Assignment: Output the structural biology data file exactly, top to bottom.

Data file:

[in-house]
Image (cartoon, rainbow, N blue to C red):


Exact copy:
[in-house]
Image (cartoon, rainbow, N blue to C red):